The Ctenochasma – Pterodaustro transitional taxon

This post has been modified with a new reconstruction, heading and text.
A pre-Solnhofen ctenochasmatid pterosaur has been announced here and here. Please take a look at those links to see the fossil itself. Both sites can be clicked for enlargements.

Figure 1. The new Propterodaustro pterosaur reconstructed. While it nests between Ctenochasma and Pterodaustro, certain traits are distinct from both.

Figure 1. The new Propterodaustro pterosaur reconstructed. While it nests between Ctenochasma and Pterodaustro, certain traits are distinct from both.

The new pterosaur nests here between Ctenochasma and Pterodaustro.

“The discovery is of similar interest like Archaeopteryx,” says the director of the Bamberg Natural History Museum, Matthias Mäuser. Over 400 teeth were reported. The long teeth are not pointed, but with “small  thickened lobes (Google translated from the original German)” explains Mäuser. He reports, “the food was not chewed or retained, but filtered out of the water – as do baleen whales and flamingos with the slats in the beak.”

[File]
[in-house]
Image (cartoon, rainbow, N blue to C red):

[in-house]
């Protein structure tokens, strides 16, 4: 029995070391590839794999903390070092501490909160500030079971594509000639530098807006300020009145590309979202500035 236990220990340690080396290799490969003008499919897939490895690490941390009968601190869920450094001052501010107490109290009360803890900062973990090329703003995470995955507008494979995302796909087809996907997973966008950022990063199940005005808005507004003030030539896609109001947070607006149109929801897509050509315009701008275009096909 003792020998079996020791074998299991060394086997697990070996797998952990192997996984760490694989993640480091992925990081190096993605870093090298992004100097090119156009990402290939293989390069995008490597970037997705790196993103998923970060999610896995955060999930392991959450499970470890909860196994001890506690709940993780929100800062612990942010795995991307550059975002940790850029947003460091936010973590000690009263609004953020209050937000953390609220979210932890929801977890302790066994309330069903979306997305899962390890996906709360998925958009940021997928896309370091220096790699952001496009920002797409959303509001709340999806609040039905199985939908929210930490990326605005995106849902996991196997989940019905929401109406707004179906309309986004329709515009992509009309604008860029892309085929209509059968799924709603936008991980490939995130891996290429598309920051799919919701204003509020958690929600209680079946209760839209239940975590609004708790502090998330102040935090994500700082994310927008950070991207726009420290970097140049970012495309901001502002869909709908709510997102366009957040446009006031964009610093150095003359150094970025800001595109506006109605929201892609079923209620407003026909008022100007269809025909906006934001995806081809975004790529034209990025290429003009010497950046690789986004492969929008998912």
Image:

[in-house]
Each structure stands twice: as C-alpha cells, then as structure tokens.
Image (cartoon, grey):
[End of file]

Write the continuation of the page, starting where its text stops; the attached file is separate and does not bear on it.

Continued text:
“The 155 million year old animal is different in physique from other known species – and its remnants are extremely well preserved. Scientists speak of a major discovery. The specimen had very long arms and long legs, almost like stilts. Fish remains are found in the belly.”

“The Bamberg piece shows that these giant pterosaurs had their origin in the Jurassic period,” reports Dr. Eberhard (Dino) Frey. Such a nesting, at the base of the azhdarchidae, is not confirmed in the present study.

As always, I encourage readers to see specimens, make observations and come to your own conclusions. Test. Test. And test again.

Evidence and support in the form of nexus, pdf and jpeg files will be sent to all who request additional data.

References
Archosaur Musings link
Der Spiegel link

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